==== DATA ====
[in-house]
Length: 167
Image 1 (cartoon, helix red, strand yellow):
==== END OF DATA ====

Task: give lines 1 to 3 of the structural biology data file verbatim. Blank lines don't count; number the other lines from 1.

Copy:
[in-house]
Length: 167
Image 1 (cartoon, helix red, strand yellow):